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Review: BBC Proms - Messiaen's Turangalila Symphonie @ Royal Albert Hall

Posted by Weeping Tudor from Cardiff - Published on 18/08/2015 at 09:26
1 comments » - Tagged as Festivals, Music

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BBC Proms (Prom 38) - BBC Philharmonic & London Symphony Chorus (upper voices)

Royal Albert Hall, London

Thursday 13th August 2015

I need very little persuasion to head back to London for the Proms and to hear Messiaen.

This Indian-inspired concert of music was a great reminder of the steamy, humid nights spent in the Albert Hall.

Taken from an opera (entitled Avatara) which never saw completion, John Foulds' Three Mantras are deeply inspired by the Hindu gods (even The Buddha) and their actions upon humans. The three pieces, though appealing, are extremely anglicised and leaves very little notion of its influences from stories and music of the subcontinent. The middle movement, Mantra II (of Bliss) (Beatamente) is a highlight, with flurries of blissful notes and a gorgeous wordless female choir. Interesting companion piece from an ignored composer.

Olivier Messiaen is one of my great loves in music (last week at the Proms a newly found piece by him premiered 23 years after his death). The Turangalila Symphonie by Messiaen is an undisputed masterpiece of the 20th century (this is my sixth time hearing it live now and yes, Futurama takes inspiration from the name). The sheer invention in the piece, the totally radical nature and uniqueness are its greatest qualities. In university, I summed up the work as "a massive river of cosmic cycles, exotics perfumes and seething romance." The work is a vibrant as when it was first performed in Boston back in 1949.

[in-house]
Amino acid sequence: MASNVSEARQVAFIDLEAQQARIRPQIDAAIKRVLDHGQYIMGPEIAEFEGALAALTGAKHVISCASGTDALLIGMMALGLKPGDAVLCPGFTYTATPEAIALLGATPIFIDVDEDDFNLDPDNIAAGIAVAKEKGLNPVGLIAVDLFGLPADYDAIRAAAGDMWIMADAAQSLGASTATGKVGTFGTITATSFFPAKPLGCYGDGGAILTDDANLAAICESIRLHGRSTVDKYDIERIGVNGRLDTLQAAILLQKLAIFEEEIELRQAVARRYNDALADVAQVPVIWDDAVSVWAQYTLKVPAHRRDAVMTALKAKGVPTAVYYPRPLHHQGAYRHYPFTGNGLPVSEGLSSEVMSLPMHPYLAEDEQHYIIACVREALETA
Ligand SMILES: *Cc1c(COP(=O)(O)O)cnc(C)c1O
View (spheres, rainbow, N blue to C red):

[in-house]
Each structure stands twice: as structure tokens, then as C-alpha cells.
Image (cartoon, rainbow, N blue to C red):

Conducted by an excitable Juanjo Mena, The Phil did a stupendous job to bring this hour-and-twenty-minute, ten-movement interstellar, orgiastic monster work to life, proving it's one of Messiaen's most popular pieces. On piano, Steven Osborne masterfully clambered through this most demanding of solos. Valerie Hartmann-Claverie was on the most mind blowing of electronic instruments, the Ondes Martenot, with its sweet, sci-fi sounds. The range of the Ondes is extraordinary and more work should be written for it today (Turangalila is the most famous work featuring one).

This symphony is a must listen to anyone who fancies something different and illustrates how orchestral and popular music developed over the decades. It can be all encompassing with its inspiration in the Tristan myth, birdsong, Indian rhythms, Greek modes and more. The fusion of this new type of music and Hollywood romance is also a masterful appreciation of styles.

As Messiaen said himself, the work is "superhuman, overflowing, dazzling and abandoned".

It remains utterly remarkable...

Rating: 5 stars

This Prom is available on BBC iPlayer for 30 days after the performance. Links to Part 1 (John Foulds), Part 2 (Olivier Messiaen) and the discussion on Messiaen.

BBC Proms continue till Saturday 12th September 2015 with the Last Night of the Proms, and there will be Proms in the Park events in Swansea, Glasgow, Belfast and Hyde Park London.

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1 CommentPost a comment

Weeping Tudor

Weeping Tudor

Commented 9 months ago - 18th August 2015 - 09:36am

*Please note* There are no French accents in this review, due to the unexpected and temperamental handling of them in the the website system.

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